Oil prices crash lower on supply glut concerns

It wasn’t that long ago that many experts were tipped oil prices to break through the US$100 a barrel mark this year.

Well, I think it is fair to say that this is extremely unlikely now after prices sank to a one-year low overnight.

According to Bloomberg, the WTI crude oil price has plunged 8.3% lower to US$54.95 a barrel and the Brent crude oil price has sunk 7.6% to US$64.81 a barrel. This is the biggest one-day drop in over three years.

Prices have been hit hard due to concerns of excess supplies, President Trump’s criticism of the world’s biggest crude exporter on Twitter, and a darkening demand outlook. In respect to the latter, OPEC downgraded its 2019 demand forecast for the fourth time in as many months overnight.

This latest downgrade means traders are worried that “a supply glut similar to the price-killing surplus of 2014 is redeveloping” according to the Bloomberg report.

And it doesn’t look like the market is expecting a quick fix. Data from the Commodity Futures Trading Commission reveals that combined bullish positions in WTI and Brent sank to their lowest levels in 14 months last week, whereas short positions are on the rise.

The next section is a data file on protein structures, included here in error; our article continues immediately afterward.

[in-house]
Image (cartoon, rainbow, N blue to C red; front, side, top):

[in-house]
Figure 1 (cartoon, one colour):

What now?

While the fall in oil prices is likely to be great news for the likes of Qantas Airways Limited (ASX: QAN), Virgin Australia Holdings Ltd (ASX: VAH), and local petrol prices, energy shares are likely to come under pressure today.

This could make it a tough day of trade for the likes of Beach Energy Ltd (ASX: BPT), BHP Billiton Limited (ASX: BHP), Cooper Energy Ltd (ASX: COE), Oil Search Limited (ASX: OSH), Santos Ltd (ASX: STO), and Woodside Petroleum Limited (ASX: WPL).

Should you buy the dip?

If these energy producers do fall heavily today, it may be tempting for investors to buy the dip. However, I would suggest investors keep their powder dry and wait to see what OPEC does at its meeting next month.

If the oil cartel doesn’t cut production then prices could remain lower for longer and put even more pressure on the prices of Australian energy shares.

Instead of risking your money on energy shares, I think these top blue chip shares would be far better investment options.

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Motley Fool contributor James Mickleboro has no position in any of the stocks mentioned. The Motley Fool Australia has no position in any of the stocks mentioned. We Fools may not all hold the same opinions, but we all believe that considering a diverse range of insights makes us better investors. The Motley Fool has a disclosure policy. This article contains general investment advice only (under AFSL 400691). Authorised by Scott Phillips.

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